Funding decisions from Topeka threaten Sedgwick County budget, CFO says
06/26/2014 6:24 AM
08/06/2014 10:02 AM
Decisions made in Topeka remain Sedgwick County’s biggest financial threat, the county’s chief financial officer told commissioners Wednesday.
Chris Chronis said he looks for the state to push costs down on local government. Unfunded mandates continue to be a problem for the county, he said, using the Judge Riddel Boys Ranch at Lake Afton as an example.
The county runs the boys ranch, which serves troubled boys, for the state. The state gives the county $126 per day per boy. The county says its cost is more than $200 per day per boy.
Last year, the Kansas Legislature approved a $750,000 grant for the ranch. The county had asked for $1.5 million.
Chronis said he looks at it like a business person does a customer who owes him money. He said he was thankful for the $750,000 but still views the state as owing the county a debt.
Commissioner Richard Ranzau took exception with Chronis’ example, saying the county chose to subsidize the ranch for decades and is now looking to cast blame on the state.
Another issue playing out in Topeka also could affect the county, Chronis said: a push to eliminate the mortgage registration fee, which officials estimate could reduce the county’s revenue by $8 million a year.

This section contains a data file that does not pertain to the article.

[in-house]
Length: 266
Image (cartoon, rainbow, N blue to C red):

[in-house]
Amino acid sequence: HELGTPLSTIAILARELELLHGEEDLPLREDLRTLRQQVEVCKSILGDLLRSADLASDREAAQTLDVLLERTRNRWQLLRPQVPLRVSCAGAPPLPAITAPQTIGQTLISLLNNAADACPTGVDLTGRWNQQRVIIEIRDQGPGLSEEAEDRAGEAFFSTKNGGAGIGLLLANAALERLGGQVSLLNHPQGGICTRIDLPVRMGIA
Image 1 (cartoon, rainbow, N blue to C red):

The fee is paid when someone takes out a mortgage. The current fee is a one-time payment of .26 percent of the principal debt securing the mortgage.
Commissioner Karl Peterjohn said he thinks the federal government’s spending also is a threat to the county, mentioning specifically the Affordable Care Act, commonly called Obamacare.
The county’s revenue was up just less than $2.5 million in the last quarter of 2013 compared with the same quarter in 2012, Chronis said. Revenue for property-tax-supported funds in the last quarter stood at just more than $226 million. The county’s spending also was up at just less than $226 million.
“We think that we are moving in the right direction,” Chronis said. “The recovery is still fairly slow as compared with past slowdowns.”